The Japanese have a unique culture with many different aspects to it. One of these is their design principles, which are the guiding philosophies behind modern day Japanese architecture.
There are five main principles that govern all forms of Japanese artistry:
Shujo-shijo (quiet/stillness) and
Jikoshuuraku – (or freedom from self-consciousness)
These set of fundamental ideas were created by traditional craftsmen, and have been around since the Edo period. These principles were influenced by Zen Buddhism and Confucianism, which led to many people in Japan seeing simplicity as being elegant.
This is why you will see minimalistic designs in Japanese culture such as their architecture or even the cartoon art style known as manga.
One principle that has always stuck with me is “ma” or emptiness because it teaches us to find beauty in what we don't use and not just what we do use.
The goal of these concepts is simplicity of surroundings, which frees the mind and the soul to explore. In architecture these principles emphasize simplicity, natural materials and positive space. The idea behind this is to allow for creative spaces that make people feel as if they are living in harmony with nature.
In creating a home concept, or design, one of the first questions I ask my clients is ‘what principles, values or philosophies’ do you see as being important in your ideal home or lifestyle.
Many people struggle to answer this question right away because it may not have occurred to them how valuable this process is in creating a dream home. Often people have a visual attachment to home designs or concept they have seen elsewhere, but aside from shapes, colours and possibly materials, they struggle to articulate the values that these ideas represent.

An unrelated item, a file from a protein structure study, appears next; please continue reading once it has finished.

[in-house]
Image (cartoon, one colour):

Attaching philosophies to spaces gives them meaning, beyond physical attributes and that meaning fosters feeling and a deep connection to ones home.
When I create a home concept, using my client’s unique principles as a guide, my client’s can digitally walk through the interior and get a sense of whether their philosophies about living have been accurately reflected in the home.
Some of the Japanese principles that have flowed into my own home are;
Kanso – Simplicity and the elimination of clutter. Everything has a purpose and therefore my purpose in my home is always centre.
Datsuzoku - Transcending the conventional. This is a principle that guides my design or concept creation process each and every day, because custom homes by their very nature are not conventional.
Seijaku - Tranquility or an energized calm, stillness, solitude.
Life is in a constant state of flux, however the home to me represents calm, grounding and the opportunity for solitude which makes way for perspective.
Don’t forget that you’re the architect of your dreams, and your dreams are not just visual, they are sensory, they are emotional and should be guided by principles.